The common expectation was that these policies of the 1920s and 1930s would diminish the role of religion in public, which, however, did not occur. As early as 1925, religious grievances were one of the principal causes of the Şeyh Sait rebellion, an uprising in southeastern Turkey that may have claimed as many as 30,000 lives before being suppressed.

Although Turkey was secularized at a legal level, religion remained a strong force. After 1950, some political leaders espoused support for programs and policies that appealed to the religiously inclined in an attempt to benefit from a lot of the population's attachment to religion. Such efforts were opposed by most of the state, who believed that secularism was an essential principle of Kemalist Ideology. This gradually led to a polarization of the entire country, which became especially evident in the 1980s, as a new generation of religiously motivated local leaders emerged to challenge the dominance of the secularized political elite.

By 1994, slogans promising that a return to Islam would cure economic ills and solve the problems of bureaucratic inefficiencies had enough general appeal to enable avowed religious candidates to win mayoral elections in Istanbul and Ankara.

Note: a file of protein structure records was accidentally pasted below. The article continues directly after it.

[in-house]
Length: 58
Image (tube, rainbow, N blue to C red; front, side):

Multi-party period

Following the loosening of authoritarian political control in 1946, a large number of people began to openly call for a return to traditional religious practices. During the 1950s, even certain political leaders found it expedient to join religious leaders in advocating more state respect for religion.[18]

A more direct manifestation of the growing reaction against secularism was the revival of the Sufi brotherhoods. Not only did suppressed Sufi orders such as the Kadiri, Mevlevi, Nakşibendi, Khālidiyyā and Al-Ṭarīqah al-Tijāniyyah reemerge, but new movements were formed, including the Nur Cemaati, Gülen movement, Sülaymānīyyā, Community of İskenderpaşa and İsmailağa. The Tijāni became especially militant in confronting the state, damaging monuments to Atatürk to symbolize their opposition to his policy of secularization. This was, however, an isolated incident and only involved one particular Sheikh of the order. Throughout the 1950s, there were numerous trials of Ticani and other Sufi leaders for anti-state activities.

Simultaneously, some movements, notably the Süleymancı and Nurcular, cooperated with those politicians perceived as supportive of pro-Islamic policies. The Nurcular eventually advocated support for Turkey's multi-party political system, and one of its offshoots, the Gülen movement, had supported the True Path Party while the Işıkçılar and Enver Ören had openly supported the Motherland Party since the mid-1980s.

Kocatepe Mosque, Ankara.